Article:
Viewing Earth From Space

I remember sitting with my family in awe as we watched the Apollo astronauts on the Moon on television in 1969 in our darkened living room. Yet it wasn't so much the Moon that captured us, but rather seeing our own planet from far away. You've seen the image, the one on the cover of The Whole Earth Catalog.

Some years later, my father gave me a book of LandSat pictures for my birthday, which I loved. I have always been fascinated by maps and geography.

Now there is Google Earth. It just astonishes me. It doesn't cost a penny.

I had read in the New York Times an article by Graham Bowley about the perils of writing a book about last year's disastrous climb of the Himalayan peak, K2. Off I went with Google Earth, to the "Roof of the World".

I used to read about a mythical hidden city, Shambala, somewhere in the vast and uninhabitable wilderness of northern Tibet. Even in Google Earth, you will not find many uploaded pictures or YouTube videos in this region. Here are a few images of this forbidding terrain of sand and salt.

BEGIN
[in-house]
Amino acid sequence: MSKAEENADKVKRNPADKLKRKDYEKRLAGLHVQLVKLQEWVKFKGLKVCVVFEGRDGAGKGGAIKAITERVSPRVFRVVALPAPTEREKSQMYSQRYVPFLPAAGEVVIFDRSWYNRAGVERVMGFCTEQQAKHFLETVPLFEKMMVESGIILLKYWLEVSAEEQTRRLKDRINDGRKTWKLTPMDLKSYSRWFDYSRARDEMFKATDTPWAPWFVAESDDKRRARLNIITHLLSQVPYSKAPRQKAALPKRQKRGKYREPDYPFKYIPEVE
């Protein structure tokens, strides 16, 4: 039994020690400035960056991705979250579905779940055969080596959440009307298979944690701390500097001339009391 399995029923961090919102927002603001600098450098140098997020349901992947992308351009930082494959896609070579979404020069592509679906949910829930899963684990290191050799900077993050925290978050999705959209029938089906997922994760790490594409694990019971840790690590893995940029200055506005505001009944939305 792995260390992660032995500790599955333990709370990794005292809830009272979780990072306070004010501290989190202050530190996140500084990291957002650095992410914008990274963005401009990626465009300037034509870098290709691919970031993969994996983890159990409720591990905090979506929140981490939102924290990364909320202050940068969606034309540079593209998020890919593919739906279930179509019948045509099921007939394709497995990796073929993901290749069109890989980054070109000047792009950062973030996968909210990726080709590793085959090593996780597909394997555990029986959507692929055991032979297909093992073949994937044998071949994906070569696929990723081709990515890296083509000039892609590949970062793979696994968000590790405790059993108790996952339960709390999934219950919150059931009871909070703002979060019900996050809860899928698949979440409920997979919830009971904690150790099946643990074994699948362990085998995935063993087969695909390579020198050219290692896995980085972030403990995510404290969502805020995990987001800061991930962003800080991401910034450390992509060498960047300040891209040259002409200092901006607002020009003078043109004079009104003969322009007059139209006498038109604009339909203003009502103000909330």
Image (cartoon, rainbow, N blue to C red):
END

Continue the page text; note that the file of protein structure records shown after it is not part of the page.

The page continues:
I feel like Methuselah, the Ancient of Days, or Dave Bowman in 2001: A Space Odyssey. When I was a boy, we played with sticks and dirt. Surely we are approaching the End Time. Or not.


Steerforth said...

I was five when Neil Armstrong walked on the moon and wasn't terribly impressed because I thought that there was already a base on the moon - I must have watched too many episodes of Doctor Who.

Amazing to think that 40 years on, NASA still haven't got a base on the moon or sent a mission to Mars.

Brett said...

It is amazing, when you consider the staggering sums that were spent on weapons systems for a war with the Soviets that never happened. It does sound strange to say, "When I was a child, men landed on the Moon."